Alex Rampell

Supported by Greenhaven Road Capital, finding value off the beaten path.

Alex Rampell started TrialPay, a company that advertised to consumers at the point of purchase. Say you visited Fandango for information (movie showtimes), not consumption (ticket purchase). But you see an ad where Netflix offers a free ticket if you sign up. Well I was gonna sign up anyway the thinking goes. Click, sign-up, claim ticket. In the middle of Netflix, Fandango, and you was Rampell and TrialPay. The company was acquired by Visa in 2015.

Rampell is a general partner at a16z and we’ll look at some notes and quotes from his talks on YouTube.

Listen to this post as a podcast: iTunes, Overcast, or Soundcloud.

Homes. “In the future, you will buy your house from, or sell your house to, a company.”

Real estate is a weird business. There are two million real estate agents in the United States. The median number of homes sold is two, the modal number of homes sold is zero, the top 10% of agents sell 7 homes a year, and the top 1% sell 22 homes a year. Total commissions to all agents were around 100B dollars.

Sellers and buyers are connected by agents, except for for-sale-by-owner, about 7% of sales. Spencer Rascoff, sequentially Zillow’s CMO, CFO, and CEO said Zillow sold ads, not houses. That allowed them to have the P/L of an internet company and 1B in revenue and Rascoff joked that Zillow was the park bench for the internet.

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New Zillow CEO Rich Barton wants to buy and sell like Rampell recommends. Why now? Expectations and capital. “Consumers are accustomed to everything on-demand…Consumers want to push a button on their phone and take an action,” said Rampell. And this new Zillow couldn’t have been built in 2004/2005. Zillow had to be a website, then an app, and then full-stack.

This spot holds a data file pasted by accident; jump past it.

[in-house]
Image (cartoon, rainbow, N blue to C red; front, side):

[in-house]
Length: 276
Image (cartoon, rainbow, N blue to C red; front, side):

The company has adapted well. Rascoff said after seeing an app store demo in 2011, “We dropped dot-com from our name and did all the little things. It was all about mobile.”

As data became more important they recruited more people. Rascoff recalled, “We called the Expedia data science leader and he said, ‘I don’t know anything about real estate,’ we said this isn’t about real estate, this is a math problem.”

Websites, apps, and data were all incremental improvements on the same model. But what if people are ready for a new model?  When asked Why do we always do it this way? There’s got to be a better answer than We’ve always done it that way.

Tricia Wang saw how phone usage changed. Daryl Morey saw how basketball changed. Barton and Rampell think real estate will change.

Consider the job to be done. Sellers higher agents for speed and convenience, not price. And they deliver. Agents also have expertise, experience, and a mental database of when staging a home delivers value, when to list a property, and how to compute comparables.

Only for some of those things computers do the work much much better. This is a point hammered by machine learning experts, let machines do what they do well and let humans do what humans do well.

Rampell said, “Individual agents can look at the comps that have sold, but they don’t have a data science team. When should I list my house? November? January? March? Computers do a fundamentally better job answering these questions than people.”

Rascoff’s book, Zillow Talk, is stuff with this information. Location isn’t everything. Spring listings aren’t the same nationwide. Gentrification is not random. And my favorite chapter title, “It’s the worst house for a reason.”